In stock and ready to ship
No, we’re not talking about the computer, although the Apple Macintosh was in fact named after the McIntosh apple. This glossy red apple has a juicy, bright white flesh that offers up the perfect balance of sweetness and tartness. It also has grape-like undertones, which you may not have realized if you’ve only ever had supermarket apples. You’ll be pleased to discover how much more flavorful fresh-picked, tree-ripened McIntosh apples are over those you buy at the store. This variety is ideal for fresh, healthy snacking, and it also cooks up into a delicious applesauce, pie, strudel, cobbler, or crumble as well.
- Hardiness Zone: 4-7
- Spacing: 12-15'
- Exposure: Full Sun
- Show more ›
The story of the McIntosh Apple Tree goes way back to the early 1800s. A young man by the name of John McIntosh, born in New York State to Scottish immigrants, had fled to Ontario to be with the girl he loved, despite his parents’ disapproval. When he got there, John was crushed to learn that his true love had died. He stayed in Canada and later found love again. One day, he found some Apple Tree seedlings growing on his farm, and he transplanted several of them, although only one lived through the winter. In 1835, a traveling handyman happened to stop by the McIntosh farm and taught John and his son Allan how to clone trees by grafting them, and that’s how that one surviving tree—the original McIntosh Apple Tree—was first shared with the world.
The McIntosh Apple Tree is most at home where fall days are cold and crisp. It performs best in New England, where it has been a favorite fruit for generations, and in Canada, where it is the national apple and is known simply as the “Mac.” The McIntosh Apple Tree is often used in breeding work to add cold-hardiness to a tree’s list of attributes.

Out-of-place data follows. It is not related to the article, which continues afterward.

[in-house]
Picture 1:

How to Grow
Canada’s national Apple Tree is naturally very tough when it comes to frigid winter weather, and it will not only perform better in cold climates than in warmer zones, but its fruits will taste better, too. The McIntosh Apple Tree isn’t invincible, however; it is very susceptible to a disease called apple scab, and it is somewhat susceptible to fire blight. Both of these damaging diseases can be controlled with a spray program. Or you can try an organic approach, which might give you a smaller harvest but will expose you and your family to fewer toxins—which is probably why you want to grow your own in the first place. Please don’t hesitate to consult with our growers at email@example.com to develop the plan that’s right for you. You will also need to have another variety of Apple Tree or Crabapple nearby to pollinate your McIntosh and ensure good fruit set.
Questions & Answers
Q: How big will the McIntosh Apple be when mature?
A: We grow McIntosh Apples on a semi-dwarfing rootstock (S-M7). This will give you an apple that will grow 12-15' in height and width before pruning to form. You can expect a substantial harvest in 3 to 5 years using this rootstock, or about 3 years after planted at your home.
Q: Do I need another variety of Apple Tree to get fruit on my McIntosh Apple?
A: Yes - you do need another variety of Apple Tree in order to get fruit on the McIntosh Apple. There are quite a few varieties that will get the job done for you - Yellow Transparent, Zestar, Cortland and Macoun are just a few of the possibilities!
This graphic shows the approximate size and form of the Tree you are viewing.
Size A Trees:
5-6' Tall. Grown and shipped in our #7 fruit tree container. You can expect fruiting in your very first year! Grower pruned for fruit production. The hard work has been done for you, time to enjoy.
There are no reviews yet.